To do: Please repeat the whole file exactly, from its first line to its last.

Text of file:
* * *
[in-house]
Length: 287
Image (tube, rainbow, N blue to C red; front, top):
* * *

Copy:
[in-house]
Length: 287
Image (tube, rainbow, N blue to C red; front, top):